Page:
Diplomacy in the world of Donald Trump is going to be directed by the CEO of Exxon Mobil, one of the world’s largest oil companies, if he’s confirmed by the Senate.
The president-elect chose Rex Tillerson, a private-sector Texan with no formal diplomatic experience, to be secretary of state.
Despite dining with 2012 presidential candidate Mitt Romney and courting former Gen. David Petraeus for the nation’s top diplomatic post, Trump chose Tillerson, who has served as Exxon CEO since 2006 and worked for the oil giant for over four decades.
Tillerson, who met with Trump on Saturday morning in New York, would face confirmation hearings in the Senate.
The CEO, who made $27.3 million in salary last year, has some policy differences with the president-elect.
Tillerson believes in man-made climate change and supports the Paris climate agreement, but Trump has indicated he will pull out of the agreement when he assumes the presidency.
Exxon has been criticized for denying climate change in public while privately preparing its oil infrastructure for rising sea levels during the 1980s and 1990s, although the company called for a carbon tax starting in 2009.
In 2012, Tillerson told the Council on Foreign Relations that the U.S. should focus on the reliability of energy over the potential concerns of foreign countries producing energy consumed by Americans.
“I think what the U.S. policy and what's in the best interest of American consumers has been and should be – is securing access to energy in a reliable, relatively affordable way,” Tillerson said. “And if we're able to do that, where it comes from should be of little consequence to us.”
But Tillerson has close ties with Russia and Vladimir Putin that go back to the 1990s, when Tillerson ran Exxon’s Russian operations. In 2013, Putin awarded Tillerson the Order of Friendship, one of Russia’s highest honors for foreigners.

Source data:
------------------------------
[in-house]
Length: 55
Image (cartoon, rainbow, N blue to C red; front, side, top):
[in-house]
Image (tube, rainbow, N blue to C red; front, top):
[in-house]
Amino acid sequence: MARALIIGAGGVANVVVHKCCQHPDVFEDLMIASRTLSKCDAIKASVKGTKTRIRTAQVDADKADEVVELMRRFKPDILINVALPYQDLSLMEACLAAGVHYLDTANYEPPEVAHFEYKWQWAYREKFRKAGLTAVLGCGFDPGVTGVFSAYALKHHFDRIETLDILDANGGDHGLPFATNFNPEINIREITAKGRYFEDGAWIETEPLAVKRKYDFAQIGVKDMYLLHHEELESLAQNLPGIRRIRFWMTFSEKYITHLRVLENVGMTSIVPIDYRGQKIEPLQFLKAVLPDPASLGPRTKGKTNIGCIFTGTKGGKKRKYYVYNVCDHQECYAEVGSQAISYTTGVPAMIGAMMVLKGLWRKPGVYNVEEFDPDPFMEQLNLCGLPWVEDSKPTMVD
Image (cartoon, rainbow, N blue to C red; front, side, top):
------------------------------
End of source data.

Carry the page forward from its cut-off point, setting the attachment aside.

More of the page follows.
“Anything Trump and Exxon do is going to be controversial,” said Jim Krane, an expert on energy geopolitics at Rice University’s Baker Institute for Public Policy. “If Trump really wanted to pursue his campaign goals of bettering U.S. relations with Russia, Tillerson would be someone who could probably carry that out. He’s on pretty good terms with Russia.”
Tillerson’s lack of formal diplomatic or political experience would be unprecedented for a secretary of state in modern times. Private-sector leaders like Goldman Sachs CEO Hank Paulson have made the jump into Cabinet positions, but the role of secretary of state has gone to former politicians, diplomats or academics.
And Tillerson’s potential nomination raises the same conflict of interest questions that have dogged his potential boss since winning the election: How could Tillerson be objective on U.S. foreign policy just months removed from leading an entity with significantly different interests?
“As secretary of state, you’ll have to look at Exxon’s global holdings around the world in myriad countries,” Krane said. “On the one hand America would benefit with someone who’s got those relationships, but there would certainly be some conflict-of-interest question marks. Does he divest or leave his job?”
Tillerson owns $151 million in Exxon shares, according to securities filings, a financial windfall that could be impacted if sanctions against Russia are lifted.
“We’ve seen this before (with) Dick Cheney,” Krane said. “If you remember there were questions surrounding Dick Cheney as vice president and overseeing U.S. energy policy.”
In recent days, former New York mayor and Trump Cabinet candidate Rudy Giuliani withdrew his name from consideration for secretary of state, clearing a major obstacle for Tillerson to assume the job.
If Tillerson is nominated he would be fourth in the presidential line of succession.